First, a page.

“Nothing,” he said. “Just wanted you to know that I’d always take care of you.”
He went back to watching the show with Claire about people murdering their spouses for insurance money, and the topic was never mentioned again.
When Claire woke up, she was lying on the bathroom floor and her cheek was wet with her drool. The pillowcase was still in her grip; the water was still running. For a moment, she thought it must’ve all been a dream, but then the stain started talking, once again giving Claire unsolicited marriage advice.
“You don’t need him,” the stain said. “What are you holding on to?”
Claire didn’t respond. She had nothing to say, and besides, she was quite sure that she was losing her mind.
Stanley couldn’t decide between a shade called Crimson Revolution or one called Girl About Town. It was all so overwhelming, the rows upon rows of reds and pinks, all so similar with only the slightest gradation separating the colors.
“Need any help?” a 20-something woman wearing a thick layer of foundation and long false eyelashes asked.
“It’s for my wife,” Stanley stammered, holding up the two tubes of lipstick. “I’m not sure which one.”
The saleswoman pointed to Girl About Town. “That one’s very popular,” she said, “and it goes with a variety of skin tones.”
“OK,” Stanley said smiling, “I’ll take it.” He was itching to get out of the brightness of the store and back to his car.
As Stanley waited in line to pay, he thought about how Claire would never wear such a vivid shade. She’d think it too flashy, too vulgar. When Claire did wear makeup, she stuck with nudes and soft pinks, so soft, you could barely tell that she was wearing makeup at all.
Back home, in the bathroom, Stanley took the lipstick out of its packaging and puckered. He had no idea if puckering made a difference, but he had seen women do this. The advertising on the box was right, the lipstick really was a velvety delight. It glided smoothly over Stanley’s thin, wrinkled lips. After he was done, he regarded his reflection—a hard weathered face with lush, almost pretty lips. He felt like a clown. He felt even more foolish when he climbed onto the bed, pouted his fuchsia lips, and kissed the pillowcase.
For her sanity, Claire knew she had to get rid of the stain. But how? That was the question. Throwing it in the wash seemed too cruel. Could the stain feel? Would it feel like it was drowning in the washing machine? Claire needed a method that would be quick.
In the living room, she lit a twisted sheet of newspaper, then used it to light the kindling in the fireplace. Once the fire started, she poured herself a glass of vodka, kneeled on the carpet, and sipped as she watched the flames grow. When she was good and tipsy, she went back to the bathroom to get the pillowcase. She carried it to the living room with both hands, as though it were a small limp body, and pressed her mouth to the stain in an almost kiss.
“I’m sorry,” she whispered before throwing it into the fire.
Stanley sat in his car, parked in the garage. The radio was still tuned to the classic rock station he liked, but it was all white noise to him. The uncertainty of what would happen when he walked through the door was making him nauseous. Would Claire lash out? Would he find her calmly packing her things or his things? He dreaded the thought of her crying. He’d rather she scream at him or even strike him. He’d apologize. He’d agree that he was a jackass. He’d agree to a divorce. Claire could have the house, the summer house, anything she wanted, and he would finally be free.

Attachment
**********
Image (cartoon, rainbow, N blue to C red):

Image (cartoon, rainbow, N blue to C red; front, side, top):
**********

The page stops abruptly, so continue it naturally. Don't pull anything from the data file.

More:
Stanley turned the engine off and grabbed his bag from the passenger’s seat. When he unlocked the door, he was immediately hit with the scent of garlic and the sound of Claire humming to herself.
“Dinner’s almost ready,” she shouted from the kitchen.
“Great!” Stanley said, hanging up his jacket. He excused himself, then practically sprinted up the stairs. He was sure she must have not seen it yet.
When Stanley got to their bedroom, he let out a small shriek. The pillowcase and all the bed linen were gone. In its place was cream-colored bedding that he didn’t recognize.
“It’s ready,” Claire called out from downstairs.
“Great!” he shouted back.
His legs felt wobbly as he walked back down the steps.
“Have a seat,” Claire said, and Stanley did as he was told. He sat down at the table in their tastefully understated dining room.
“How’s your dad?” he asked.
“Better,” Claire said as she placed the roasted potatoes on the table and sat down.
“Anything interesting happen today?” he asked.
Claire took a giant gulp of her chardonnay. “Not really,” she said.
“Nothing?” Stanley asked, this time his voice cracking.
“Well,” Claire said, pausing a moment as if she were contemplating something grave.
“I was thinking we should redo the bedroom. What do you think? Maybe dusty rose.”
“That would be nice,” Stanley said, his voice thin and lifeless.
Claire smiled, Stanley smiled back at her, and nothing more was said. They ate and drank in silence while a shared misery hung over them like an uninvited guest.